Press on Trump Loyalist Jeffrey Clark as Ex-DoJ Colleague Teams Up with Prosecutors


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Legal pressure on Jeffrey Clark, the former Justice Department attorney who co-created plans with Donald Trump and others to reverse the 2020 election results in Georgia and other states, is expected to mount with the involvement of another ex-DoJ lawyer who worked with him, say former prosecutors.

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The ex-lawyer’s cooperation, coupled with other evidence obtained by prosecutors, could help fuel charges against Clark — a close ally of then-President Trump — and benefit prosecutors as they pursue bigger targets. pursue.

Clark, then Assistant Attorney General, played a key role with the DoJ towards the end of the Trump administration, overlapping plans by Trump attorneys Rudy Giuliani and John Eastman and Trump’s Chief of Staff Mark Meadows to persuade Georgia and other states. to use “fake voters” for Trump, instead of the one Joe Biden won.

In Trump’s desperate efforts to block Biden’s victory, he turned to Clark for help at the suggestion of Congressman Scott Perry, who had also touted him to Meadows, according to emails revealed by the House Committee on January 6 investigating the Capitol uprising by Trump supporters.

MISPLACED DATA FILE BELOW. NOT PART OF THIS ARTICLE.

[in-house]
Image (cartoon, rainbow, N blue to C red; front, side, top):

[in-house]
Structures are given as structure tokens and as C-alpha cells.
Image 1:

Trump met with Clark alone in mid-December and talked for a few weeks about replacing acting Attorney General Jeffrey Rosen with Clark, until Trump was bluntly heard at a raucous meeting at the White House by Rosen and his deputy, plus White House adviser Pat Cipollone. was told that this would lead to mass resignations from the department and the counsel’s office.

Clark, whose cellphone and other electronic equipment was seized by federal agents during a June search of his home, teamed up with former DoJ attorney Ken Klukowski, who is now working with prosecutors, on a draft letter to top state legislators. Georgia and the governor, who falsely claimed the department had “significant concerns” about voter fraud there and in other states.

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The letter, which was never sent despite Clark’s best efforts, also suggested that legitimate Biden voters be replaced with those for Trump.

Other potential evidence against Clark could turn up in cell phones seized by the FBI over the summer that belonged to Eastman and Perry, who have both filed lawsuits to prevent investigators from accessing their phones.